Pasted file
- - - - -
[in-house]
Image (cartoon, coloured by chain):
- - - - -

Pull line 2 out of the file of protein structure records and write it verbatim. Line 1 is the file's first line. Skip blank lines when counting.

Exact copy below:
Image (cartoon, coloured by chain):